PITTSBURGH — Try finding “calories” on a Nutrition Facts food label. You might need a magnifying glass.
Try differentiating between natural and added sugars. You can’t.
And try calculating sugar or carbohydrate totals based on the actual rather than the stated serving size. You need a calculator.
The U.S. Food and Drug Administration announced plans on Thursday to correct these problems with proposed upgrades in the nutritional facts labels for packaged foods.
Changes include more realistic serving sizes, with “calories” in large, bold print, among other improvements based on new findings in nutritional science.
“Now they are increasing the type so you see ‘calories,’ and it prioritizes calling attention to vitamin D and potassium, which is stuff people don’t get enough of,” said Leslie Bonci, director of sports nutrition at the University of Pittsburgh Medical Center.
Ms. Bonci lauded the changes.
“There’s also a focus on what serving size people actually eat. No one is eating those [current] serving sizes,” she said. “The new labels will take away that level of ignorance and put reality into the mix.”
Nutrition facts labels have been required on packaged food for 20 years, with the most recent update in 2006 to add trans fat.
“Our guiding principle here is very simple, that you, as a parent and a consumer, should be able to walk into your local grocery store, pick up an item off the shelf, and be able to tell whether it’s good for your family,” said First Lady Michelle Obama in an FDA release. “So this is a big deal, and it’s going to make a big difference for families all across this country.”
Ms. Obama has been working with the FDA to upgrade labeling as a tool to improve health and reduce obesity.
The public has 90 days to comment on proposed requirements. Then it will take about two years for final guidelines to be issued and the industry to get upgraded labels on packaged food.
“To remain relevant, the FDA’s newly proposed nutrition facts label incorporates the latest in nutrition science as more has been learned about the connection between what we eat and the development of serious chronic disease impacting millions of Americans,” FDA Commissioner Margaret Hamburg said.
Key changes would include a new listing for grams of “added sugar” in the product. Values per serving would be amended to reflect more realistic serving sizes. A 20-ounce bottled drink, for example, would be listed as a single serving rather than 2.5 servings of 8 ounces.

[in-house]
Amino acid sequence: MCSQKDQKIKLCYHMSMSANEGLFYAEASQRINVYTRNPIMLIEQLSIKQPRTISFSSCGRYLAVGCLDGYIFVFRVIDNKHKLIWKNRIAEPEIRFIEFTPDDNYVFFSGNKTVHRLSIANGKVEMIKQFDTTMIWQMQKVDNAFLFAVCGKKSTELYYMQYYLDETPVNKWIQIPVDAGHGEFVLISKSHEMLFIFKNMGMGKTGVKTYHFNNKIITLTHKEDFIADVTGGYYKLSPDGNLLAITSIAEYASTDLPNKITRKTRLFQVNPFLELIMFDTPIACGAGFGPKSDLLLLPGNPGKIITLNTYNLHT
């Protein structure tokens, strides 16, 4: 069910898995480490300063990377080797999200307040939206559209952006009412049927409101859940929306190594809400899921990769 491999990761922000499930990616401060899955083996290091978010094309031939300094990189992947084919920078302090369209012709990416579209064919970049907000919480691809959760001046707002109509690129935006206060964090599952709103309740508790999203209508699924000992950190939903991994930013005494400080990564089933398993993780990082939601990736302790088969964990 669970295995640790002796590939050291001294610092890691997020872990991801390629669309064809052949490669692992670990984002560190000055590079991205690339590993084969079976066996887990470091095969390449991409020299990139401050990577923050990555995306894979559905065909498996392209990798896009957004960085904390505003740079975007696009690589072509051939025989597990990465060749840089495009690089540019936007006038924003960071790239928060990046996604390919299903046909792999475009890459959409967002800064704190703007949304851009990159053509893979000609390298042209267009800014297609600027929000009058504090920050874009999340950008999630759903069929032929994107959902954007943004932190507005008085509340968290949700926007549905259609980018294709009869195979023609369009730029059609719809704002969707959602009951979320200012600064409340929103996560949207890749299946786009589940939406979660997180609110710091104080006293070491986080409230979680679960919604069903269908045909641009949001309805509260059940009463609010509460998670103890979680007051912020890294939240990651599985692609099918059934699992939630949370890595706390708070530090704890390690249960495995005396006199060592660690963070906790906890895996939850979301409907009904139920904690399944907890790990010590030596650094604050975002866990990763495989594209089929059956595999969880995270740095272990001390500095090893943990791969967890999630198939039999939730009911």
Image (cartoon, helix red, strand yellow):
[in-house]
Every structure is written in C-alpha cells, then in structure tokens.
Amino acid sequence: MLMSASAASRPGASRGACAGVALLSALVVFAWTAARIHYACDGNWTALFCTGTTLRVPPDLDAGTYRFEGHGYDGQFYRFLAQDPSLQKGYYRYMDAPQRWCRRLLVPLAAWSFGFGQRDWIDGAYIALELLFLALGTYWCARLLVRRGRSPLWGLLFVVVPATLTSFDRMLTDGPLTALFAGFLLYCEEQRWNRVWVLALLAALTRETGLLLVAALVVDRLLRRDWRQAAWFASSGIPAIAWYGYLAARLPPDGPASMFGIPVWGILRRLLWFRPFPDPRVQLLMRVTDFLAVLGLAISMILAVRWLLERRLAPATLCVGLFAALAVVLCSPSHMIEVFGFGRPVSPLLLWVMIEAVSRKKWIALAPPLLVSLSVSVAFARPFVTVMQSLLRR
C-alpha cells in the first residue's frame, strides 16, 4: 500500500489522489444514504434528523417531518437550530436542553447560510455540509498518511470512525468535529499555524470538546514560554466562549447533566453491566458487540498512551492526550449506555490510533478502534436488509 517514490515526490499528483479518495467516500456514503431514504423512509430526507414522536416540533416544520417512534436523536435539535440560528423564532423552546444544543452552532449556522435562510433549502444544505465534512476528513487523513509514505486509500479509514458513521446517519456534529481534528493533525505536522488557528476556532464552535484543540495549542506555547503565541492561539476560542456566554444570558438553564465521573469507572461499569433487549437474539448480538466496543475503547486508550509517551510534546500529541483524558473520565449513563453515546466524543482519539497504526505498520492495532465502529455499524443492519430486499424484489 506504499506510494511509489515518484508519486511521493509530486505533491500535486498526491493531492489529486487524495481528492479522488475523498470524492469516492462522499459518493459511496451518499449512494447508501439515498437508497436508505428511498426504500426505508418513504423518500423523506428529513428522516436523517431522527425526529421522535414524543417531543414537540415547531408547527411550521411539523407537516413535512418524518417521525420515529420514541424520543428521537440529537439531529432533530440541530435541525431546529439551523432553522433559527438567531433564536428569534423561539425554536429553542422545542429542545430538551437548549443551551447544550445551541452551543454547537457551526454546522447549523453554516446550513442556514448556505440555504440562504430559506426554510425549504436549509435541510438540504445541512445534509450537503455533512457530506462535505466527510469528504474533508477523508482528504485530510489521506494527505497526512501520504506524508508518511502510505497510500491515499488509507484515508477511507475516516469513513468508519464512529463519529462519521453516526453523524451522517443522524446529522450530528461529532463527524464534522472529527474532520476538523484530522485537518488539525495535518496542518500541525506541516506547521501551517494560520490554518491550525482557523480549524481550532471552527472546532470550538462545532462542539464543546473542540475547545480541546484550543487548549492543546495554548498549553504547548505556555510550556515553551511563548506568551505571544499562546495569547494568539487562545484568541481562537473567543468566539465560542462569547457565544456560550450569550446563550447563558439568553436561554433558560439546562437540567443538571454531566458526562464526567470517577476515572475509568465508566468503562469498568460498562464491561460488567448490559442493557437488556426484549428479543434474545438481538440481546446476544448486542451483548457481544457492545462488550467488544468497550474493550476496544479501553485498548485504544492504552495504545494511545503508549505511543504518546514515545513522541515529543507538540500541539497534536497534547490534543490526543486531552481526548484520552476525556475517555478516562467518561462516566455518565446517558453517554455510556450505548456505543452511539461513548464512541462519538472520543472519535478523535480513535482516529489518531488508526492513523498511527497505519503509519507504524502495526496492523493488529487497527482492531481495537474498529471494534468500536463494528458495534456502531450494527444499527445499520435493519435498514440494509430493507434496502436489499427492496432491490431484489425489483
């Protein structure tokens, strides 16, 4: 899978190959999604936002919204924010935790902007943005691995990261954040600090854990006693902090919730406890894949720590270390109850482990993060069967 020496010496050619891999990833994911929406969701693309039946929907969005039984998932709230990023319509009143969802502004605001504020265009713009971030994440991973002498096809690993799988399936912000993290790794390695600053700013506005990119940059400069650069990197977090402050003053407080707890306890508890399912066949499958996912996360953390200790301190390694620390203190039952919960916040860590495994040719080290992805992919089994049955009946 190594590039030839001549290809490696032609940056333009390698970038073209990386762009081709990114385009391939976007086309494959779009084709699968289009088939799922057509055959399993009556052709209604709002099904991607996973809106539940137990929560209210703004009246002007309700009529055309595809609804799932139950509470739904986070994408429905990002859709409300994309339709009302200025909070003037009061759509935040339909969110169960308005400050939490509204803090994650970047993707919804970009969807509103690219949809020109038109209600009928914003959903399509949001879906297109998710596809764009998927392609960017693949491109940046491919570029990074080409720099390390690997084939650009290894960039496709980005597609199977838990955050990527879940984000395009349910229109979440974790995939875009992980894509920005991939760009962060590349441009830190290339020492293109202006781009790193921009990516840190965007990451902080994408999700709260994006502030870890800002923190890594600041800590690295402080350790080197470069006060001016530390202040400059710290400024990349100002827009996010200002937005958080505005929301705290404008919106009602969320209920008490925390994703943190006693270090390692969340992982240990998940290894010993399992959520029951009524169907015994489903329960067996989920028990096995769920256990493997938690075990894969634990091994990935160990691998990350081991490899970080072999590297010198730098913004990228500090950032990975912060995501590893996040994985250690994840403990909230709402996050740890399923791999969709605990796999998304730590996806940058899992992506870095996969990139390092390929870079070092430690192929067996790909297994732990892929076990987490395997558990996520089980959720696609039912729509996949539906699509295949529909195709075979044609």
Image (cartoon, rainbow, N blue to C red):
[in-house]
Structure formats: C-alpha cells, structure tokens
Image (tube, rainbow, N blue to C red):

New labeling also could require potassium and vitamin D levels — nutrients many Americans are deficient in. Potassium is beneficial in lowering blood pressure, the FDA officials said, and vitamins A and C would no longer be required on the label, though manufacturers could declare them voluntarily.
The FDA will revise “daily values” for such nutrients as sodium, dietary fiber, and vitamin D to reflect updated nutritional requirements. The FDA said those values help consumers understand nutrition information in the context of one’s total daily diet.
While “total fat,” “saturated fat,” and “trans fat” will continue to be listed, “calories from fat” will be removed “because research shows the type of fat is more important than the amount,” the FDA said.
The proposed format also would drive attention to serving sizes, percent daily value, and calories, because of their importance “in addressing current public health problems like obesity and heart disease.”
The FDA also has corresponding updates in the supplemental facts labeling.
Ms. Bonci said upgraded information on food labels is critically important in helping people understand and track daily nutrition.
When people see 200 calories per serving, they typically drink the entire bottle, not realizing the bottle contained 2.5 servings or 500 total calories.
“I don’t know many people who buy a 20-ounce bottle and only drink a third of it,” she said. “If you drink it, you don’t want to undershoot the level of calories.”
Upgraded labeling, Ms. Bonci said, also will help turn supermarkets into wellness centers, where people can get needed information to improve diet and nutrition.
For example, the current label includes only total sugar in grams. But the list of ingredients might show “four-syllable words” describing various forms of sugar or highly processed carbohydrates that quickly turn into glucose, such as maltodextrin. Few people understand what that is or what impact it has on health.
“But when it is listed as ‘added sugar,’ it’s easy to understand,” she said. “People can see the number and pick accordingly.”
The Block News Alliance consists of The Blade and the Pittsburgh Post-Gazette. David Templeton is a reporter for the Post-Gazette.
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